And with that, a little window cleaning, and a quick removal of some spider webs, our house was in shape to actually begin prepping for the party, and we were both totally exhausted. Alex did most of what I described today, primarily because I was consumed with cooking, crafting, and creating for the big event. 

We have a whole ton of fun stuff to share with you this week, but that's going to have to be in a different post. 

What did you tackle this weekend? Were your chores geared towards party prep, or were they just for the fun/obligation of it? There's nothing like a long weekend to knock out a good todo list, even if you'd rather be relaxing.

Comments 6


5/29/2013 at 2:26 PM
Oh! I'd really like to know what Alex did to clean up your teak table - I need to do the same to mine. Thanks!
Thanks, Monica. Check back later this morning as we have an entire post dedicated to a step by step on restoring the teak. Thanks!
5/29/2013 at 4:47 PM
If it makes you feel any better, I probably would have tidied the neighbor's trash as well. I have a question about your organic waste. Doesn't Old Town have a way to dispose of it? I just wondered because you have the clippings in plastic bags. In my town, we put it in bins to be collected or large biodegradable paper bags made for that purpose.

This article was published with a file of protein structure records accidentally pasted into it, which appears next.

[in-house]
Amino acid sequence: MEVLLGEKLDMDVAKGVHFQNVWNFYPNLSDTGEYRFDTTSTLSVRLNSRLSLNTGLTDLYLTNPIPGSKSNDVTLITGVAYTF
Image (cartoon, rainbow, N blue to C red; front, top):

Glad I'm not alone on the neighbor's trash! :-) Hmm, great question about the bags. I know in the fall you can stop by city hall to pick up the large paper bags for yard waste. We'll definitely have to look into this before trimming the ivy again, and plan ahead so we have them on hand even if the government offices are closed. Thanks for the suggestion!
5/31/2013 at 4:43 PM
Thank God I’m not alone with monster ivy problems. I actually love my house having ivies clinging on the walls because it was comforting for me I don’t know why, but I feel that way. But soon, they seem to have grown monster-like. Good job for Alex though; your house looks clearer and cleaner. How many days did it take you to trim the ivy?
It actually only took one day to trim the whole thing, but it was a long one day. We feel about our ivy the same way you do about yours.